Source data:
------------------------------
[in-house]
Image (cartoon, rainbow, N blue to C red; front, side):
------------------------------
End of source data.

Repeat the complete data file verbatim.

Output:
[in-house]
Image (cartoon, rainbow, N blue to C red; front, side):